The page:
Pool operators need to be confident that the sanitiser concentration is correctly dosed and controlled, for both the health and comfort of bathers. Disinfection of swimming pools is usually achieved using chlorine. Adequate free chlorine is needed to prevent infections, while eye irritation is minimised by keeping the combined chlorine residual as low as possible. The well-established DPD method, developed by Dr A T Palin (originally called the Palin system) is the test procedure of choice for free, total and combined chlorine but also bromine and ozone due to its consistency and reliability.
Disinfection treatments measured with DPD:
The principal tablets of the Palin system are numbered 1 to 4 as follows in Table 1 (below)
Additional tablets used in supplementary procedures are given below:
The DPD tablets listed Table 1 can also be used when measuring alternative disinfectants such as bromine or ozone. DPD methods can also be used to measure the different relevant sanitisers in pool water with the Palintest range of products.
|Tablet||Contents||Parameter to Measure|
|DPD 1||DPD indicator plus buffer||Free available chlorine|
|DPD 2 (use with DPD 1)||DPD 2 (use with DPD 1) Stabilised Kl for monochloramine activation||Combined chlorine|
|DPD 3 (use with DPD 1)||Stabilised Kl for dichloramine||Total chlorine|
|DPD 4||All reagents in a single tablet||Total available chlorine|
Chlorine is used as a primary disinfectant because of its effectiveness in killing potentially harmful organisms. It forms hypochlorous acid in the pool water whose effectiveness at disinfecting is influenced by the other chemicals that are in the pool – primarily pH and the amount of bather waste.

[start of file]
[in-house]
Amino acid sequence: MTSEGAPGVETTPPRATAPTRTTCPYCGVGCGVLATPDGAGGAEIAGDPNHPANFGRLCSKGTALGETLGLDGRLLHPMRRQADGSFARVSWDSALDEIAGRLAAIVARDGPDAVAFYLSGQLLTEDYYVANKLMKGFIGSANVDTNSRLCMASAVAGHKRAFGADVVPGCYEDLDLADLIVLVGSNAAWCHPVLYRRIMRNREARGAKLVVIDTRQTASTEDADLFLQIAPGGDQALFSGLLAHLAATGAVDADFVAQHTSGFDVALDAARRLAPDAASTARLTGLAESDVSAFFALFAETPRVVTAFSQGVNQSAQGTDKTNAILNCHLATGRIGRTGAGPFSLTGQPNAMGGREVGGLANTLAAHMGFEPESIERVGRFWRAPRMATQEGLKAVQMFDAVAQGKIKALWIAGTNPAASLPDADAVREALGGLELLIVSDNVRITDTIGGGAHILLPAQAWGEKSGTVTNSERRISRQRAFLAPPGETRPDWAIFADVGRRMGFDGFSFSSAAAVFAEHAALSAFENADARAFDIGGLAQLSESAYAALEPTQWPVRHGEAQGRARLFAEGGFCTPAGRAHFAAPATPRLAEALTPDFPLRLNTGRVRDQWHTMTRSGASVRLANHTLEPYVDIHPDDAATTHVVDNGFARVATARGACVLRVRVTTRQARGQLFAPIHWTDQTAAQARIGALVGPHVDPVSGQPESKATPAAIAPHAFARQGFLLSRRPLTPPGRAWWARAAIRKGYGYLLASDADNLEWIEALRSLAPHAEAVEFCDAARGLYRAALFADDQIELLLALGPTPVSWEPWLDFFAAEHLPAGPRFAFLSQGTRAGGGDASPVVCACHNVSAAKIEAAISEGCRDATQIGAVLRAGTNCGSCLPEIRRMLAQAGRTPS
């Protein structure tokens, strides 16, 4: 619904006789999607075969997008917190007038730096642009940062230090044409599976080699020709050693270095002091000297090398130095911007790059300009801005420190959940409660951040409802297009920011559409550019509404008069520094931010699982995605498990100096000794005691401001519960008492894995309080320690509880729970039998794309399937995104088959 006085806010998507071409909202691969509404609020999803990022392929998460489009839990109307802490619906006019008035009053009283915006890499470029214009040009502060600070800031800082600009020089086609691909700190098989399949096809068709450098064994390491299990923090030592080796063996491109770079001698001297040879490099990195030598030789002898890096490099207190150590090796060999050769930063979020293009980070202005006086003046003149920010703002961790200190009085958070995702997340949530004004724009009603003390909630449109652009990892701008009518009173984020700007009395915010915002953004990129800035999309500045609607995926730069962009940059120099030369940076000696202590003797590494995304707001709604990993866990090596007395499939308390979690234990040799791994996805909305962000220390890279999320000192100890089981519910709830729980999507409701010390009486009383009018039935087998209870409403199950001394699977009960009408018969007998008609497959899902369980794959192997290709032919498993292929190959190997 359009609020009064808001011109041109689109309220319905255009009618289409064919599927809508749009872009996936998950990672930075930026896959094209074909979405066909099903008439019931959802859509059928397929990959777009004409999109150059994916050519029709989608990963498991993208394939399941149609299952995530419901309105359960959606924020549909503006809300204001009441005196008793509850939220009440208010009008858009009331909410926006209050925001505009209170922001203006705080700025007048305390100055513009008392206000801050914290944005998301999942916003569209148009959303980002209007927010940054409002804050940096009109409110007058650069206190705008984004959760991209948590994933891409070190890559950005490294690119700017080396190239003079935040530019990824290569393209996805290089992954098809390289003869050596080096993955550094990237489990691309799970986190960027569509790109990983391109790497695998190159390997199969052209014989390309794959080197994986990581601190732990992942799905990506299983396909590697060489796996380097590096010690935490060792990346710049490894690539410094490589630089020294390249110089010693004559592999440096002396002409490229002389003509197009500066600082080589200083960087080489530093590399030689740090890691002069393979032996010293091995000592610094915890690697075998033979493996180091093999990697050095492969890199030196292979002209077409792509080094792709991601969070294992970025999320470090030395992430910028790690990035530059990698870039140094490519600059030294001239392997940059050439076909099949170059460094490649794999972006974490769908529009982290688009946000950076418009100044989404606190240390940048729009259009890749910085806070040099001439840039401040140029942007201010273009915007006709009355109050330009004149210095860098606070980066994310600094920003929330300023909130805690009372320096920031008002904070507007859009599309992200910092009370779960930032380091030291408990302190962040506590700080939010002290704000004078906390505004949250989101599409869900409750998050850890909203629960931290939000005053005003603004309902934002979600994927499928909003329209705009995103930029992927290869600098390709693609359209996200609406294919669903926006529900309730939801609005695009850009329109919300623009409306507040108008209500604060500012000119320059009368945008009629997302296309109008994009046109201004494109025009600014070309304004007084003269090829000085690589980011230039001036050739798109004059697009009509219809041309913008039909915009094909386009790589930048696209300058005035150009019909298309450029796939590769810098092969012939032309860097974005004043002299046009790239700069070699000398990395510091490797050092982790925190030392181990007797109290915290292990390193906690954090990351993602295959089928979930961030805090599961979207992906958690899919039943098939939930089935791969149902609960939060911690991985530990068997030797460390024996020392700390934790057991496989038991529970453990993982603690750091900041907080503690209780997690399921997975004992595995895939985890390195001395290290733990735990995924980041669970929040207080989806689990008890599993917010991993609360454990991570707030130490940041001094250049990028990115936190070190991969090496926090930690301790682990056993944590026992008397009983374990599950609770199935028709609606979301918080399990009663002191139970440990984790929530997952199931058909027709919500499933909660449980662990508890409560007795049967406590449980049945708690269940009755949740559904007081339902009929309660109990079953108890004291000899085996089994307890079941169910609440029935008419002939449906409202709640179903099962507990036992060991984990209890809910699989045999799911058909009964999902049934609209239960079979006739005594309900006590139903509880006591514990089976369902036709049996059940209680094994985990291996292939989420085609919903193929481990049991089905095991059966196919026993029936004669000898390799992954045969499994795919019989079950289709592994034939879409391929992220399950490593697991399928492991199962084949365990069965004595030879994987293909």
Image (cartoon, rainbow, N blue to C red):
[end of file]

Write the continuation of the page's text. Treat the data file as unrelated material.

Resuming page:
|Free chlorine (DPD 1)||Results in mg/L chlorine|
|Total available chlorine (DPD 4)||Result in mg/L chlorine (or 1 and 3 together)|
|Free chlorine only (DPD 1)
Total available chlorine (DPD 3)
Combined chlorine only
|A Result in mg/L chlorine
B Result in mg/l chlorine
Combined chlorine = B – A
Bromine can be used as a disinfectant alternative for chlorine, especially in spas and hot tubs. The bromamines which are formed when bromine is added to pool or spa water are as effective as free chlorine in killing pathogenic microorganisms and do not give off odours. Therefore, total bromine is the key parameter to monitor.
|Bromine PLUS bromamine
|No need to differentiate between both as both have disinfectant properties|
|Bromine and chlorine|
|Bromine only (glycine + DPD 1)||A result in mg/L bromine|
|Bromine + free chlorine (DPD 1)||B result mg/L = 0.44*(B – A)|
|Bromine + Total Available Chlorine (Glycine + DPD 3)(need 1)||C result in mg/L bromine|
|Total available chlorine||Total chlorine = 0.44*(C – A)|
|Combined chlorine only||Combined chlorine = 0.44*(C – B)|
Ozone is also used as a primary disinfectant and must be efficiently and sufficiently dissolved into the pool water to carry out the required oxidation and disinfection. Although ozone is a powerful disinfectant, adequate residuals of ozone must be maintained in the pool water to ensure full control. It is very often used with chlorine or bromine as a secondary disinfection method due to the difficulty in maintaining constant residual.
|Ozone & Chlorine|
|Ozone + total chlorine (DPD 4)||A result mg/L ozone|
|Ozone only (glycine)||B result mg/L ozone|
|Total chlorine||Total chlorine = A – B|
|Ozone only (DPD 4)||Result mg/L ozone|
24th October 2019
In 2017, the first ever Swimming Pool technician course was introduced at a school near Milan. During the course students were introduced to the Pooltest 10.
20th September 2019
With spa and hot tub use increasing, we’ve put together a handy spa chemistry guide with all the information you need to manage the water chemistry of your spa. Download it here.